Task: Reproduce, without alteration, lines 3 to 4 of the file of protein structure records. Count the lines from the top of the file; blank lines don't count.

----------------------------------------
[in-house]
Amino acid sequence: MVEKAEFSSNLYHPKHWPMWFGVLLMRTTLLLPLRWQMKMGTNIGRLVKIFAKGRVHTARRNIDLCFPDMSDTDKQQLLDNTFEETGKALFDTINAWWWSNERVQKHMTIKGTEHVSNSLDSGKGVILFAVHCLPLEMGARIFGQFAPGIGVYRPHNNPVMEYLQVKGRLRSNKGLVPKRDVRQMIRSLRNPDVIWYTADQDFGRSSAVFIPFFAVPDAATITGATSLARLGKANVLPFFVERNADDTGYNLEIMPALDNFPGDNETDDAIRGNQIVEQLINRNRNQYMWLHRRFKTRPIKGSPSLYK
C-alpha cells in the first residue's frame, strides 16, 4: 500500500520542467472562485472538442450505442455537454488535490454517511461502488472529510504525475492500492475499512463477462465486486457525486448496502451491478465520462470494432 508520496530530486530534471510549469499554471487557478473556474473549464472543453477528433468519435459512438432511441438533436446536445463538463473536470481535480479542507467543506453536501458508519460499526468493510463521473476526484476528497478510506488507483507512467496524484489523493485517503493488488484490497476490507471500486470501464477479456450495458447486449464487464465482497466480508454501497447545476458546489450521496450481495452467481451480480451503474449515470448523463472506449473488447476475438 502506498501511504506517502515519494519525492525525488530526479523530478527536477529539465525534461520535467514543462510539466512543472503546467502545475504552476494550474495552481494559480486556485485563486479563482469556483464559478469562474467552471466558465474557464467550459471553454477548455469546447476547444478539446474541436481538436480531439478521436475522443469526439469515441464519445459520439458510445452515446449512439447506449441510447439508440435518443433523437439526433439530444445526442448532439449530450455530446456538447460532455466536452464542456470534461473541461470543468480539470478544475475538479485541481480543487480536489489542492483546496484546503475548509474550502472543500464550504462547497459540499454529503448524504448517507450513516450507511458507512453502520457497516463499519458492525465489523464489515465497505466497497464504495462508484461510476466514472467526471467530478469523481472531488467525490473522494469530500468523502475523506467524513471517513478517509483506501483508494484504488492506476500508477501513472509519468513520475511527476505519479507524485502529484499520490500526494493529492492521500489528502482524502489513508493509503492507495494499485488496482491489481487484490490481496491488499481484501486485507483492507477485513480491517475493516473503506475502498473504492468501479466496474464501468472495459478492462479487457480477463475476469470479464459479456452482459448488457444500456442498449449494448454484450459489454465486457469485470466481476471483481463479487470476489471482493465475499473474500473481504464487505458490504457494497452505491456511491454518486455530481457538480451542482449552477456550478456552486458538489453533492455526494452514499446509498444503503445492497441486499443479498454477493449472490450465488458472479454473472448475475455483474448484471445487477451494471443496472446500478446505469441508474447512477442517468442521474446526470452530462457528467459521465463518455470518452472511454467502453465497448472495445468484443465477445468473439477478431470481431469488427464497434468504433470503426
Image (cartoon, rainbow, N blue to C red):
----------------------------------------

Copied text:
C-alpha cells in the first residue's frame, strides 16, 4: 500500500520542467472562485472538442450505442455537454488535490454517511461502488472529510504525475492500492475499512463477462465486486457525486448496502451491478465520462470494432 508520496530530486530534471510549469499554471487557478473556474473549464472543453477528433468519435459512438432511441438533436446536445463538463473536470481535480479542507467543506453536501458508519460499526468493510463521473476526484476528497478510506488507483507512467496524484489523493485517503493488488484490497476490507471500486470501464477479456450495458447486449464487464465482497466480508454501497447545476458546489450521496450481495452467481451480480451503474449515470448523463472506449473488447476475438 502506498501511504506517502515519494519525492525525488530526479523530478527536477529539465525534461520535467514543462510539466512543472503546467502545475504552476494550474495552481494559480486556485485563486479563482469556483464559478469562474467552471466558465474557464467550459471553454477548455469546447476547444478539446474541436481538436480531439478521436475522443469526439469515441464519445459520439458510445452515446449512439447506449441510447439508440435518443433523437439526433439530444445526442448532439449530450455530446456538447460532455466536452464542456470534461473541461470543468480539470478544475475538479485541481480543487480536489489542492483546496484546503475548509474550502472543500464550504462547497459540499454529503448524504448517507450513516450507511458507512453502520457497516463499519458492525465489523464489515465497505466497497464504495462508484461510476466514472467526471467530478469523481472531488467525490473522494469530500468523502475523506467524513471517513478517509483506501483508494484504488492506476500508477501513472509519468513520475511527476505519479507524485502529484499520490500526494493529492492521500489528502482524502489513508493509503492507495494499485488496482491489481487484490490481496491488499481484501486485507483492507477485513480491517475493516473503506475502498473504492468501479466496474464501468472495459478492462479487457480477463475476469470479464459479456452482459448488457444500456442498449449494448454484450459489454465486457469485470466481476471483481463479487470476489471482493465475499473474500473481504464487505458490504457494497452505491456511491454518486455530481457538480451542482449552477456550478456552486458538489453533492455526494452514499446509498444503503445492497441486499443479498454477493449472490450465488458472479454473472448475475455483474448484471445487477451494471443496472446500478446505469441508474447512477442517468442521474446526470452530462457528467459521465463518455470518452472511454467502453465497448472495445468484443465477445468473439477478431470481431469488427464497434468504433470503426
Image (cartoon, rainbow, N blue to C red):